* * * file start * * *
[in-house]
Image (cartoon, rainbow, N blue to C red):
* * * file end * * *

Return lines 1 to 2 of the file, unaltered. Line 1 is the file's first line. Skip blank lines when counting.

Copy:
[in-house]
Image (cartoon, rainbow, N blue to C red):